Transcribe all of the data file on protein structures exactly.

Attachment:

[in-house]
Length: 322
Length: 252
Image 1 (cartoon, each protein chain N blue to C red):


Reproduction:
[in-house]
Length: 322
Length: 252
Image 1 (cartoon, each protein chain N blue to C red):